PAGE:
The United States suffers from a case of “truth decay’’ that degrades the nation’s political and civil discourse and decision making. America’s schools have contributed to the infection – and should play a key role in its alleviation.
“Truth Decay’’ is the title of a 324-page report published last week by the RAND Corporation, the nonpartisan, mega-think tank based in California. It explores the causes and costs of the declining trust in facts and institutions over the past two decades.
In today’s America, says the report, “disagreement over facts appears to be greater than ever. Opinions are crowding out and overwhelming facts in the media, and Americans are placing less faith in institutions that were once-trusted sources of information. This shift away from facts and data in political debate and policy decisions has far-reaching implications: It erodes civil discourse; weakens key institutions; and imposes economic, diplomatic, and cultural costs.”
The authors of the report – RAND president Michael D. Rich and political scientist Jennifer Kavanagh – define “four main drivers of Truth Decay”:
- The tendency of people to seek information that confirms their own sentiments.
- The rise of social media and 24-hour news coverage that permits misinformation and disinformation to spread quickly and widely.
- A polarized society in which insular communities arise with their own worldview.
- An education system, under stress from competing demands and fiscal constraints, that cannot keep pace with media dynamics
There is, the report says, a “gap between the rapidly evolving challenges of the new information system and the curricula offered to students in most public schools.”
“This gap drives and perpetuates Truth Decay by contributing centrally to the development of a citizenry that is susceptible to consuming and disseminating disinformation, misinformation and information that blurs the line between fact and opinion,’’ says the report, which focuses on K-12 schools but also suggests a need for more civic and media literacy education of college students and adults.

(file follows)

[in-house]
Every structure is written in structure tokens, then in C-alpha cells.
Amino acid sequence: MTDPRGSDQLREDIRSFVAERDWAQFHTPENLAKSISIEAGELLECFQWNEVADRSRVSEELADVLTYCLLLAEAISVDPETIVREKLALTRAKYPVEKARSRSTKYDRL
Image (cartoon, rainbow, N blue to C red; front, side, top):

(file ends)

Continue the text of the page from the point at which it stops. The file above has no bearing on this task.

The RAND scholars decry the “crowding out of civics education and the reduced time spent on training students in critical-thinking skills.” Still, they acknowledge recent efforts to rejuvenate social studies and civics classes— in particular, pointing to the Common Core State Standards as a movement toward requiring digital and media literacy and infusing critical-thinking skills into curricula.
“In suggesting that school curricula need a greater focus on civics, media literacy and critical thinking,’’ say the authors, “we understand that placing new demands on an already-overburdened educational system could create still more challenges for teachers and administrators.’’ They recommend integrating this focus into existing courses and into extracurricular activities and community service programs.
As the report indicates, “truth decay’’ can infect not only policymakers but also voters and not only national but also state-level decision making. Legislation often rests more on anecdotes, talking points and personal pre-dispositions than on a foundation of mutually recognized facts. There remains plenty of room for debate, in education and other policy arenas, on how to respond to the facts.
Civics education, says the report, “can be effective in increasing students’ political knowledge and awareness, especially when that training encourages students to openly question and discuss ideas, including current and controversial events. Voters with greater political understanding are likely to base their vote on national interests rather than personal ones and to be more open-minded to diverse ideas.’’